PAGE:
KDE vs. Gnome
For geeks like us, it can be hard not to get caught up in the over-enthusiasm and fanboyism of our favorite technologies. One of the biggest, and perhaps oldest in the GNU/Linux world is the contest between KDE and Gnome. Now, back in the long long ago KDE reigned supreme having the lion's share of usership. Then along came KDE 4, and people ran screaming to Gnome. Now, Gnome 3 has arrived and many people have ran screaming to KDE. This can tell us a couple of things, the most obvious being that no desktop environment is perfect. Secondly, as so many of us have moved from our beloved old to something different and perhaps not beloved, we have had to come to terms with the idea that ultimately what we once thought solid fact was really just a matter of taste.
Since I started using Linux I preferred KDE. I started with KDE 4.0, which was bloody rough... but I saw the potential and the beauty and stood in awe. Now with the KDE that shipped in 12.1, I ran screaming. Now, I knew fully well that KDE is a constantly evolving beast and I was okay with that. I found it was stable enough to meet my needs and expectations. For me though, I ran into so many bugs that I had to use something else if I wanted to stay sane and productive. Not to say that KDE (I believe the version that shipped in openSUSE 12.1 was 4.7) has gotten worse, but it isn't unusual for me to run into an awful lot of bugs that are rare for other people. Indeed, the reports from friends and on forums was that our KDE was incredible and stable. It seems God thinks I should be a QA tester.
Right now, I use Gnome 2 and 3 on my two systems. When I upgraded my 11.4 netbook to 12.1, it was a bad experience with KDE. I wound up rolling back my system to 11.4. Now, I saw some serious improvements in some areas that I would certainly miss, (especially since performance improvements are very noticeable on a netbook) so when I rolled back, I decided to use Gnome. I figured also, that I needed to get reacquainted with Gnome anyway in order to be able to help others who use it instead of KDE. Also, it had an odd power regression so I wanted the older kernel from 11.4 to address that issue.
Recently I acquired another laptop. I bought it off a friend who had a messed up Windows installation, and hadn't used it in a long time. Part of why I bought it was to have a machine I could be more risky with, to experiment more with. The other reason is that it had a 64-bit AMD processor and an ATI Radeon GPU. These are all unfamiliar territory, so this was a good chance to become acquainted with AMD, ATI, and the 64 bit openSUSE. Frankly, I didn't want to go so risky since the hardware is beefier than my netbook so I opted to use Gnome 3 instead of the KDE that had been so problematic for me before.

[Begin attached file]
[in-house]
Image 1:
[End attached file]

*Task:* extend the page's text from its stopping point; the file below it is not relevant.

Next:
I was a bit reticent about using Gnome 3. I had tried the preview of it in openSUSE 11.4, and found it comfortable enough to use on my netbook. In fact, it was very comfortable on my netbook. The final clencher on it, and the explanation for my reluctance was its trouble with resuming the desktop environment after suspending the system to RAM. Since I had rolled the netbook back I got pretty cozy with the Gnome way of doing things, and figured Gnome 3 was worth another chance. I'm not going to go too much into that since I have done so in another blog posting. Suffice to say, I was pleasantly surprised... though not entirely without some frustration.
So, KDE vs. Gnome; who will win? Its irrelevant, in my opinion. Each has their respective strengths and weaknesses. If you want configurability, you go with KDE. If you want your DE to get out of your way, you use Gnome 3. Honestly, I'm personally torn between them. I love the amazing configurability and the power and flexibility of the KDE environment and its application ecosystem. On the other hand, I love the clean interfaces and ease of use of Gnome. Quite frankly though, the configurability of KDE means that I can easily recreate the Gnome 2 or 3 experience with it. So, in essence once I feel my issues have been mostly addressed in KDE then I will go back. But not without having learned a lot, and picking up many fresh ideas from the world of Gnome.
A small note. Since I have clients that I do conversions and maintenance from Windows to openSUSE, I put them on Gnome. Gnome tends to be a bit more predictable and solid, as well as slightly lighter on system resources. Though the default KDE interface looks a lot like Windows, some of its rough edges spook users and cause me to use more time in maintenance. Plus its complexity in the options it gives the user can be very intimidating and confusing to someone coming fresh from Windows.